"Eire do deo" is Irish for "Ireland is forever." Like the Jews and Palestinians, the Irish too have a convoluted history. Ireland was not settled by a single group of people, but by waves of people. We associate Ireland as a Celtic nation. but the Celts too came to Ireland in waves. This migration did not leave the island united, so it was several kingdoms. But one of the kings did eventual become High King of Ireland, usually through bloody warfare among the various kingdoms. This disunity is what made Ireland vulnerable to outside invasion. The first to come were the Vikings. The Vikings settled in large numbers, and founded Ireland's major cities. Dublin, the capital, was founded by the Vikings, in fact its name "Dublin" is Norse for "Black Pool." Brian Boru was King of Munster, but eventually became High King of Ireland. In 1014, he defeated the Vikings at the Battle of Clontarf, and drove them out of Ireland. But fighting among the kings of Ireland was to return after that, and in 1167 the kings of Leinster and Connacht called upon the help of the English. The English King John was proclaimed "Lordship of Ireland" by Pope Adrian IV, who is the only English pope that ever existed. English domination was to continue, and in 1536 King Henry VIII became King of Ireland. Two things happened after that, the land was no longer owned by the Irish, and Protestant settlers (Orangemen) from both England and Scotland settled in Ireland, especially in the northern part. Everything that Irish farmers produced went into rent and taxes. Potatoes were introduced into Ireland in 16th century, and the moist climate of Ireland resembled the Peruvian Andes, where the crop originally came from. After paying their rent and taxes, the only thing Irish farmers had left to eat was potatoes. Until the 1840's, when a blight hit the potato monoculture of Ireland. From 1845 to 1852, it is estimated that between 1,000,000 to 1,500,000 Irish died, and over 1,000,000 emigrated. When World War I took place, it was empires trying to undermine each other. The British sent T.E. Lawrence or "Lawrence of Arabia" to start an Arab revolt against the Ottoman Empire, and Irish rebels were to seek German help to rebel against British rule. That happened from April 24 to 30, 1916, when the Irish with armaments secretly sent by Germany launched the famous "Easter Rebellion." Ecstatic Irishmen were printing banners, manifestos, and flyers that they were finally freed from the brutal, repressive rule of Great Britain. But were they? The rebellion was quickly put down, and Ireland after that was placed under control of the paramilitary Black and Tans. But after World War I, negotiations were to take place between British Prime David Lloyd George and the Irish rebels. In 1921, the Anglo-Irish Treaty proclaimed Ireland free of British rule, except the 6 northern counties, which became known as Northern Ireland. But the Emerald Isle's troubles were not over. For sectarian violence was to continue between the Irish and the Orangemen in Northern Ireland, with Northern Ireland under British military occupation. But on April 10, 1998, the Belfast Agreement was to bring about power sharing between the Irish and Orangemen, and the removal of all British army bases in Northern Ireland. In 2005, the Irish Republic Army was to disband, and international arms inspectors were to accumulate all their weapons.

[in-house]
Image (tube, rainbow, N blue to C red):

How much of the Irish experience resembles the Israeli-Palestinians conflict?
How can what was used for Ireland to achieve independence, be applied to the Israeli-Palestinian conflict?
How can Northern Ireland's Belfast Agreement, be used to halt sectarian violence between Israelis and Palestinians?
NOLLAG FOI MHAISE DUIT!
In Irish it means: Merry Christmas to you!
Selamat Natal. Selamat means shalom, salaam in Arabic.
The word comes from Arabic and we use it for many purposes for examples to say have a nice meal, it says "selamat makan". The word expects on the presence of comfortable environment that relates to the feeling of peace.
In learning Bahasa, I saw the word "selamat" numerous times, but did not know it was of Arabic origin. It is like when you say good morning, you say "selamat pagi. But it is a good example of Arabic or Arabic loan words conveying a feeling of peace. But I can definitely see the Portuguese origin of Natal. Natal in South African was sighted by Portuguese sailors on Christmas Day. On their way to the Spice Islands.
Northern Ireland now has a new role in the world, than just being a region of conflict. Perhaps Palestine can host a G-8 Meeting, or a regional economic meeting such as Doha does now: